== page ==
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A Sponge-Based Key Expansion Scheme for Modern Block Ciphers

Department of Telecommunications, AGH University of Science and Technology, Mickiewicza 30, 30-059 Krakow, Poland
Author to whom correspondence should be addressed.
These authors contributed equally to this work.
Energies 2022, 15(19), 6864;
Received: 8 August 2022 / Revised: 8 September 2022 / Accepted: 15 September 2022 / Published: 20 September 2022
(This article belongs to the Special Issue Research on Security and Data Protection for Energy Systems)


Many systems in use today require strong cryptographic primitives to ensure confidentiality and integrity of data. This is especially true for energy systems, such as smart grids, as their proper operation is crucial for the existence of a functioning society. Because of this, we observe new developments in the field of cryptography every year. Among the developed primitives, one of the most important and widely used are iterated block ciphers. From AES (Advanced Encryption Standard) to LEA (Lightweight Encryption Algorithm), these ciphers are omnipresent in our world. While security of the encryption process of these ciphers is often meticulously tested and verified, an important part of them is neglected—the key expansion. Many modern ciphers use key expansion algorithms which produce reversible sub-key sequences. This means that, if the attacker finds out a large-enough part of this sequence, he/she will be able to either calculate the rest of the sequence, or even the original key. This could completely compromise the cipher. This is especially concerning due to research done into side-channel attacks, which attempt to leak secret information from memory. In this paper, we propose a novel scheme which can be used to create key expansion algorithms for modern ciphers. We define two important properties that a sequence produced by such algorithm should have and ensure that our construction fulfills them, based on the research on hashing functions. In order to explain the scheme, we describe an example algorithm constructed this way, as well as a cipher called IJON which utilizes it. In addition to this, we provide results of statistical tests which show the unpredictability of the sub-key sequence produced this way. The tests were performed using a test suite standardized by NIST (National Institute for Standards and Technology). The methodology of our tests is also explained. Finally, the reference implementation of the IJON cipher is published, ready to be used in software. Based on the results of tests, we conclude that, while more research and more testing of the algorithm is advised, the proposed key expansion scheme provides a very good generation of unpredictable bits and could possibly be used in practice.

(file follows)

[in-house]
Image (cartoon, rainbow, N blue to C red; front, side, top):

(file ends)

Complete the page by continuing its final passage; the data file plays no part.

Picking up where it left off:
1. Introduction

Data integrity and confidentiality are the crucial security requirements of information systems and communication networks, including smart grids [1,2]. Deployment of protection methods allows for secure data transmission in cyberspace. However, the security services need efficient cryptography algorithms, such as symmetric block ciphers [3]. These kinds of algorithms are building blocks of modern security services—from privacy protection to authentication of smart meters [4].